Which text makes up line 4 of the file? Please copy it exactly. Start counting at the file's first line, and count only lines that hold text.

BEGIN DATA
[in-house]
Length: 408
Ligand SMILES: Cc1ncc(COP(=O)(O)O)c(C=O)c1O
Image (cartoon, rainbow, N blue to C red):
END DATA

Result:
Image (cartoon, rainbow, N blue to C red):